• Hi, sir; as you said the actual state is different from the base states that contribute in the superposition; may I ask you how they are different? For me they are different as they have different expected values of the observables, isn't it? – user36790 Oct 21 '15 at 10:02
• @user36790 This is unfortunately a very broad question. You are right that the expectation values of various measurable quantities are different, but there are more differences as well. – DanielSank Oct 21 '15 at 15:29
• Sorry, sir, if it's a broad query. However, could you please mention one apart from the expectation issue? I'm self-studying QM. So, if you help, I would be grateful: just one:) – user36790 Oct 21 '15 at 15:31
• @user36790 Why not ask a question as a new post? – DanielSank Oct 21 '15 at 15:49
• Okay, then; I would do it; thanks for the advice, sir:) – user36790 Oct 21 '15 at 15:54

One of the more bizarre features of quantum mechanics is quantum superposition of states, which is distinctly different from classical superposition of conventional vectors. Classical superposition requires linear summations of vectors such as position vectors, or sinusoids represented as vectors. In classical superposition, if you add a position vector to another position vector you get a third position vector that represents the net position of an object. But quantum superposition is superposition of states (also usually represented as vectors), whereby a coin can actually be in a state that is a summation of both heads and tails, or a cat can be both alive and dead (before measurement, i.e., observation). No one knows what this superposition of states really means, but it is the only way to explain certain quantum phenomena (at least so far), such as quantum entanglement. There is no classical analog to superposition of states. And BTW, Richard Feynman is still right, no one fully understands quantum mechanics.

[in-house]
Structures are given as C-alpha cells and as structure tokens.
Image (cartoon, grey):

I encountered the similar question. I think one should distinguish the difference between classical mixture (i.e. bunch of particle $$A$$ and particle $$B$$ put together) and quantum superposition. The difference there was significant, i.e. for classical mixture $$N=N_1+N_2$$, for quantum superposition $$|\psi_i\rangle =\frac{1}{\sqrt{2}}|A\rangle+\frac{1}{\sqrt{2}}|B\rangle$$.

The difference between quantum superposition and classical superposition, however, did not have much difference except the physical interpretation of orthogonal states, i.e. particle go through slit 1 and slit 2 at the same time. Because essentially quantum superposition was developed based on classical superposition, and until now the mathematical description was just a form of linear operator.

The real difference of quantum superposition arise from the causality, i.e. it proved that the indefiness of the causality, or say non causal model. [A comparative terms was the counterfactual indefineness and non locality proved by quantum entanglement.] It required us to rewrite the model and reference frame. However, those concepts has only been recently proved and become popular after 2016. Therefore as far as the textbook concerned, just put some fancy words and wild imagination from thought experiments.